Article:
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How to dry your clothes when it’s raining.

It’s one of the sights that most evoke summer – crisp, clean clothes hanging on the washing line, blowing in the gentle breeze as the sun shines down.  But, while we all know what the optimum conditions are for drying our laundry, rain is predicted to continue through June. So just how can you dry your clothes when you can’t hang them up in the sunshine outside?

Well one eco retailer has just compiled a list to help householders struggling with piles of wet washing.

Nigel’s Eco Store MD Nigel Berman says: “Where to dry clothes when it’s raining outside is a dilemma for 55% of UK households who don’t own a tumble dryer and, for those that do, it’s expensive to use it all the time. Finding resourceful ways to dry clothes will use less energy, save money and get your clothes dryer faster.”  No one wants to put the heating on just to dry their clothes – it’s supposedly summer and it’s expensive to heat the house just for washing. And, although 45% of us own one, according to the Energy Saving Trust, tumble dryers are one of the most energy-hungry appliances in the home, using around four times as much energy as a washing machine.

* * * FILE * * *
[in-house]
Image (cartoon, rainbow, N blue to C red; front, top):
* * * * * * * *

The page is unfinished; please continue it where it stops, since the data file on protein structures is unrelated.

When the air is damp, clothes can take ages to dry on indoor drying racks, or hung over radiators and doors, and they can be a breeding ground for bacteria, starting to smell. 

So here’s Nigel’s Eco Store’s tips for drying without a tumble dryer.

  • Use a fan to move the air around a clothes drying rack – clothes can dry in as little as a few hours instead of a few days.
  •  A dehumidifier near the clothes rack helps. It uses electrical power to drive its compressor but will use less energy than heating devices. On average, they cost around 36p to run for four hours.
  •  An extra spin cycle on your washing machine can reduce drying time considerably by squeezing out an extra few drops of water from your clothes.
  • Put your clothes rack outside if the forecast is for showers. That way, it’s easier to pick it up and bring it inside rather than unpeg a whole line of washing.
  • Use the thermostatic valves on your radiators to isolate most of the central heating system, leaving one radiator on for your washing.
  • Invest in a low-energy tumble dryer, making sure it has an automatic drying sensor function so it doesn’t over-dry clothes, but switches off when it senses the moisture level is low. If you do use a tumble dryer, use Dry Cubes, which save 30% on drying time and cost by distributing the heat better in the dryer.

 Invest in a Sheila Maid clothes drying rack. They can carry 8kg of laundry and can be hoisted out-of-the-way above your heads. Clothes dry faster on one because they’re in the warmest part of the room even when the heating’s not on because warm air rises. They’ve been part of British households for more than 100 years, and are a great alternative to a tumble dryer, drying clothes on radiators or floor level drying racks.

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